The legendary singer was survived by his wife Pam, his stepdaughter Zoey and two grandchildren. Many members of the music world mourned Cocker’s passing. Ringo Starr was just one of the people who took to Twitter to express their sadness, tweeting “Goodbye and God bless to Joe Cocker from one of his friends.”
Cocker, who counted Ray Charles and Lonnie Donegan among his early influences, made his singing debut with his brother Victor’s skiffle band when he was only 12 years old. Several years later he became a drummer and harmonica player for a band called the Cavaliers. Before long, however, Cocker took his rightful position at the front of the stage as a singer, working a day job as a gas fitter for the East Midlands Gas Board while he tried to make it as a pop singer working under the name Vance Arnold, playing the covers of songs by popular singers like Chuck Berry and Ray Charles as Vance Arnold and the Avengers.
The group got the first big chance when they got the opportunity to support the Rolling Stones at Sheffield City Hall in 1963. The very next year, he signed as a solo act with Decca. The first single he released was a cover of The Beatles’ “I’ll Cry Instead” (with session guitarist Jimmy Page). When it flopped, Decca dropped Cocker and he dropped his stage name, performing briefly with a new group before taking a break from music altogether. He returned in 1966 by singing rock and soul in the pubs of England with his superb backing group, the Grease Band, eventually landing a minor hit in the United States with the song “Marjorine.” He hit #1 in the U.K. in November 1968 with his version of the Beatles’ “A Little Help from My Friends.” His album of the same name featured such guest performers as Jimmy Page and Steve Winwood. His career really took off after he sang the song at Woodstock in August 1969. A second British hit came with a version of Leon Russell’s “Delta Lady” in the fall of 1969 (by then, Russell was Cocker’s musical director) and both of his albums, “With a Little Help from My Friends” (April 1969) and “Joe Cocker!” (November 1969), went gold in America. In 1970, his cover of the Box Tops hit “The Letter” became his first US Top Ten. Cocker’s first peak of success came when Russell organized the “Mad Dogs & Englishmen” tour of 1970, featuring Cocker and over 40 others and resulting in a third gold album and a concert film. Subsequent efforts were less popular, and problems with alcohol (both on- and off-stage) reduced Cocker’s once-powerful voice to a croaking rasp.
In a now-famous 1975 performance on the television show “Saturday Night Live”, Cocker appeared on stage singing “Feelin’ All Right”, when cast member John Belushi, wearing near identical clothes, entered the stage and stood next to Cocker, doing an incredible impersonation of him. The two sang the lines of the song alternately. A music critic wrote of the performance, “John Belushi sounded more like Cocker than Cocker did!”.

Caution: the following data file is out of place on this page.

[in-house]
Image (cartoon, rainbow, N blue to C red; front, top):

Cocker also returned to the US Top Ten in 1975 with the romantic ballad “You Are So Beautiful”, and topped the charts in 1982 via a duet with Jennifer Warnes on “Up Where We Belong”, the theme from the film “An Officer and a Gentleman”. The ballad became a US #1 hit and earned the pair a Grammy Award win for best pop performance by a duo or group with vocal in 1982 and the Academy Award for Best Original Song in 1983.
His studio albums for the decade included “Sheffield Steel” (1982), “Civilized Man” (1984), and “Unchain My Heart” (1987). At the close of the decade, Cocker returned to the pop charts again with “When the Night Comes.”
He still charted during the ’90s, albeit with less frequency than he did in the ’70s and ’80s, but in his later years, Cocker remained active on the music scene. He kept recording, releasing Have a “Little Faith” (1994), “Across from Midnight” (1997), followed by “No Ordinary World” two years later. “Respect Yourself” appeared in 2002, and the covers album “Heart & Soul” followed in 2004. “Hymn for My Soul” (which featured cover versions of songs by Stevie Wonder, George Harrison, Bob Dylan, and John Fogerty) landed in 2007.
He was also awarded the OBE (Officer of the Order of the British Empire) in the 2007 Queen’s Birthday Honors List for his services to music. His complete “Live at Woodstock” performance was released in 2009.
In 2010, “Hard Knocks”, his first studio album in three years, appeared in Europe. Cocker’s 23rd studio album, “Fire It Up”, was issued in November 2012 on Sony, proved to be his last. It was produced by Matt Serletic, known for his work with Collective Soul, Rob Thomas, Matchbox Twenty, and numerous others.